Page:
Henery "Hank" Roesing

Henery (Hank) Roesing began guitar at the age of ten, and writing songs a few years later back home in Corpus Christi, Texas. Boosted by winning second place in a high school talent contest, Hank started his own band and thought he was on his way to stardom. But at the encouragement of his parents he decided to follow in his father's footsteps and joined the U.S. Coast Guard.

There was a long hiatus in songwriting and yodeling while he pursued other career goals. He did keep singing and playing though, mostly in church and gospel groups.

The Coast Guard took him worldwide and finally landed him in Ketchikan, Alaska. He's also lived in Juneau, Anchorage and Bethel; and has been in the greatland long enough (since 1971) to be a real sourdough.

While living in Bethel, Hank hooked up with a wonderful Eskimo couple, Henry and Hilma Shavings. He met them in church and began playing gospel with the Henry Shavings Family Band, traveling to Bush Alaska villages where they shared their music.

It was during this time that Henry Shavings encouraged Hank to revive his yodel. This he's done, and it was then that he was motivated to begin writing songs again.

Hank and Michael met through mutual friends in Bethel, although they lived there at different times. After a number of fun jam sessions, Michael suggested a group of two -- and even had an apropos name: 60/40.

Michael Faubion

(MY-kull FAH-bee-un)

Michael was motivated to take up the guitar in his teens by the easy and spectacular fame and glory of the great mid-sixties garage bands like Herman's Hermits, The Beatles, The Rolling Stones and The Monkees. His first band was called Genesees Tombstone. Also, he says, "My dad played three or four songs on the guitar and it didn't take long to realize that, with a little practice, it was one thing I could do better than him." This happened in Boise, Idaho.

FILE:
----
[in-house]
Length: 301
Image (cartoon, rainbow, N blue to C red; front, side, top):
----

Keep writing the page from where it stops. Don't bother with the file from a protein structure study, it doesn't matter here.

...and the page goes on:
Later, in high school and college, Michael started listening to Bob Dylan and writing protest songs. Love songs too. While living in Portland, Oregon, in the mid-70s he decided to embark upon a professional music career as a country guitar picker. He quickly learned that fame and glory was certainly not easy and maybe not even that spectacular.

Except for the poverty, obscurity and loneliness it was a great way to make a living and he managed to do so, after a fashion, until the early 80s when he met his wife-to-be (Rhonda) in Twin Falls, Idaho, and gave up life on the road.

Playing music, however, has always been a sideline if not a mainline. Along the way, Michael learned and wrote many songs. Lately, he's been forgetting a few. The long and winding road has led from Oregon to Idaho, Montana, Nevada and even North Dakota. It took an airplane to get to Bethel, Alaska, in 1988 where he just missed Henery Roesing, who was leaving about then.

The fame and glory that had eluded him throughout his musical career finally blossomed in Bethel, where, since it's a small town, everybody is famous or at least infamous. The highlight of the sideline musical career came in 1996 with the release of "Greetings From Paris on the Kuskokwim," his collection of silly songs about Bethel (available elsewhere on this website). Silly songs, along with songs about roads, car parts, the weather, computers and guitars had become a specialty.

Now, living in Anchorage and having teamed up with Henery "Hank" Roesing, the sideline musical career has almost reached its zenith, or maybe its magnavox. Anyhow, he's learning songs he never would have had the courage to do before and discovering the joys of creating harmony.

"We're just two old pros who don't give a damn anymore if we don't sound like the jukebox or impress some booking agent," he says. "We're just in it for the fun. Although it is nice to get paid." All the fame and glory is nothing to sneeze at either.